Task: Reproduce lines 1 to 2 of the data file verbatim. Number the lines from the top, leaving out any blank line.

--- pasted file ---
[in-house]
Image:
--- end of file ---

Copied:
[in-house]
Image: